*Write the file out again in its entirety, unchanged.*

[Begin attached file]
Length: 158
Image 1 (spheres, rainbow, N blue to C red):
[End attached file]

Length: 158
Image 1 (spheres, rainbow, N blue to C red):